The scores of DEGs were calculated using the Cytoscape software, and the top 11 genes were selected as hub genes (Fig. 4a). These included IGF1, BMP4, SPP1, APOB, CCND1, CD44, PTGS2, CFTR, BMP2, KLF4, and TLR2. Detailed information on the hub genes, is shown in Table 1. The scores calculated by the Radiality and Closeness methods in the cytohubba pluginto were shown in Table S1. To determine the enriched pathways terms for hub genes, KEGG pathway analysis was performed using DAVID. The genes were enriched in signaling pathways regulating many biological functions (Fig. 4b). The Sankey diagram shows the distribution of hub genes in the different signaling pathways (Fig. 4c): signaling pathways regulating pluripotency of stem cells (enriched genes: IGF1, BMP4, BMP2, KLF4; p = 0.0015), pathways in cancer (enriched genes: BMP4, BMP2, CCND1, IGF1, and PTGS2; p = 0.0035), proteoglycans in cancer (enriched genes: CCND1, IGF1, CD44, and TLR2; p = 0.0043), AMPK signaling pathway (enriched genes: CCND1, IGF1, CFTR; p = 0.0186), PI3K-Akt signaling pathway (enriched genes: CCND1, SPP1, IGF1, TLR2; p = 0.0196), Hippo signaling pathway (enriched genes: BMP4, BMP2, CCND1; p = 0.0273), and pathways involved in focal adhesion (enriched genes: CCND1, SPP1, IGF1; p = 0.0483).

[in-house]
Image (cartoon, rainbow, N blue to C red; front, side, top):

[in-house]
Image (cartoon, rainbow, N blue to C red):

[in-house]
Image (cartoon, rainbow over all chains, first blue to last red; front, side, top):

Fig. 4
figure 4

The hub genes were screened and analyzed by KEGG and correlation analysis. The top 11 genes with the most significance were selected as hub genes according to the score (a). KEGG pathway analysis of hub genes was analyzed by DAVID (b). The distribution relationship between hub genes and pathways (c): Red represents upregulated genes and blue represents downregulated genes. Correlation analysis of core TF and hub genes (d) and gene-miRNA interactions network (e), circles represents genes, diamonds represents TFs, and squares represents the miRNAs, sizes represents the degree

Table1 Detailed information about the hub gene